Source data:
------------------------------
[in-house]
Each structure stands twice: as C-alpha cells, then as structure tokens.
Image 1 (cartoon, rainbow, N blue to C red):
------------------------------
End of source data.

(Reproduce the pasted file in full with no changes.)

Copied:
[in-house]
Each structure stands twice: as C-alpha cells, then as structure tokens.
Image 1 (cartoon, rainbow, N blue to C red):